• We sat down first to talk about what I'm up to and my 0% industry and hardware experience, and how the R Motors journey has gone so far. Some insights he shared from his handful of EV projects and general industry wisdom:
     
    • EV tech is moving fast. It's perceived by customers like a smartphone, and JW is really concerned about tanking resale value – much like your old iPhone 6 being almost worthless. Also, so many builds are 1 of 1, bespoke, and non-modular, and are therefore costly/impractical to upgrade. "Fucking idiot work" is how he put the practice.
       
    • JW sees up to ½ of his future builds going electric in the next few years as long as modular, non-1 of 1 techniques can mitigate obsolescence risk.
       
    • We both agree it's weird and vulnerable to be dependent as a maker on a supply chain built from wrecked Teslas. Even completely blasted P100Ds sell for 65-80K on salvage titles. Harvesting these is exactly what EV West and HSR are doing. 
       
    • He knows the people behind GM's eCOPO project and is convinced that was a SEMA show-only stunt and they have no spine for shipping EV crate engines. This counters some breathless press speculation I’ve posted here before.
       
    • Tier 1 supplier BorgWarner is a dark horse aftermarket player, as they’ve become acquisitive in electric power-anything tech.
       
    • Icon doesn’t need an indie OS today – he has already shipped some digital displays in some builds (like the Mercury Derelict), and most of the retro stuff they do hides any digital behind a false panel or door. Analog and originality still rule, but 2019 technology is just below skin-deep.
       
    • JW does want something that can give Icon insight into how his customers really use his creations. Something that can also proactively notify him (or the customer) about maintenance or trouble, and perhaps deliver service in the field. Call it a Mixpanel for Motors. This concept also got some validation from Eric Hutchison of Electric GT, who is doing all sorts of shit, including electric conversion of airport tugs. 🤯 (We weren’t able to connect in person on this trip; I can’t pin him down – more in a future update.)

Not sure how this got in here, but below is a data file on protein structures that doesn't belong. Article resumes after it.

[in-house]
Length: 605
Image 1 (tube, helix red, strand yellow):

• Two words: Electric Motorcycles.

      (I don’t think we pivot, but it would be a helluva lot simpler to convert old Moto Guzzis and Honda CB750s.)
       
    • Icon has some seriously crazy shit soon to debut. If you like cars, puppies, America, and freedom, you owe it to yourself to follow them on Insta.
I tried to get a meeting at Singer Vehicle Design because, well, $300K+ Porsche restomod. Didn’t work out; hoping for a follow-up call.
 

EV links of note

  • EV West and Icon both have made use of the Andromeda EVIC 7” tablet to display custom digital instrument clusters. This is primarily for EV readouts, but it can pull anything off the car’s CAN Bus you program it to (like speed, door lock/unlock status, etc.)
     
  • Perhaps “Mixpanel for Motors” is a restomod variant of smartcar.com – an API for connected cars 2014 and newer that fleet software operators like Turo and Getaround use.
We are going to continue to pursue EV restomod and software opportunities in parallel. Still critical is settling on a platform to target for cost effective conversion. We need to move away from paying full retail for salvage Tesla parts. Fleet analytics software deserves continued scrutiny and hypothesis testing; not worth spirited pursuit unless there's ample scale & differentiation.

I'm also thinking about converting cars and immediately listing them on Turo vs. trying to sell each new build. The more cars we can make $100+ on in daily rentals, the better our cashflow. Plus, if a Turo guest goes gaga for a ride and wants to buy it, what better lead gen than an extended test drive of an amazing ride?
Here is a titanium door handle. Icon really does sweat every detail.

R Motors